Ontario expands Standard Offer to hydro in northern region

The government of Ontario announced June 14 it is expanding its Renewable Energy Standard Offer Program to include northern Ontario hydroelectric projects connecting to the transmission system.

The government introduced the Standard Offer Program in November 2006, providing standard terms and conditions intended to make it simpler and less costly for operators of small renewable energy facilities to supply Ontario’s electricity system. Initially it restricted the program to renewable energy projects connecting to distribution systems. (HNN 5/11/07)

However, most new hydro projects in northern Ontario are expected to require connection to the transmission system. For the program, northern Ontario generally is considered to be that part of the province north of the French River.

The Ontario Waterpower Association said the government is recognizing challenges faced by northern hydropower projects by expanding the program to include that sparsely populated region.

Ontario’s waterpower initiative reduces barriers to small-scale hydro projects �- 10 MW or less -� by offering projects the opportunity to connect to the grid. Small projects meeting program criteria will be offered 20-year contracts for the power they generate through Ontario Power Authority’s Renewable Energy Standard Offer Program.

�The Standard Offer Program has already created renewed interest in waterpower projects in southern Ontario,� OWA President Paul Norris said. �This initiative will undoubtedly result in new investment in the significant opportunities in the north.�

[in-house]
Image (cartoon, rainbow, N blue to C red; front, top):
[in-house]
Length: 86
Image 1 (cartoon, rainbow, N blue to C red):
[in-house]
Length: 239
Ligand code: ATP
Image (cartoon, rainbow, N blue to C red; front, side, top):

Expansion of the Standard Offer Program also aligns the program with the government’s Waterpower Site Release policy for new projects on crown land, the association said.

Developer named for 3.2-MW project on Troutlake River

Ontario’s Ministry of Natural Resources announced June 13 it approved Horizon Hydro Inc.’s proposal to develop a 3.2-MW hydropower project on Troutlake River in western Ontario. (HNN 8/28/06) Horizon Hydro now can seek approvals to build the project, along with the opportunity to apply for the government’s Standard Offer Program.

The project — Big Falls on Troutlake River — also must undergo environmental assessments and public review before construction.

The government’s original solicitation called for proposals to develop three sites on Troutlake River -� identified as 5QC15, 5QC16, and 5QC17. Horizon Hydro said it plans to use all three sites in the project, but will build a powerhouse at only one site. The company said the powerhouse would feature one turbine-generator operating under a head of 16 meters.

Horizon Hydro is part of the Horizon Legacy Energy Group and provides financing for hydro projects as owners and operators.

The ministry said about 35 hydropower site release applications are in various stages of review and approval. Successful developers lease the land for the projects from the ministry.

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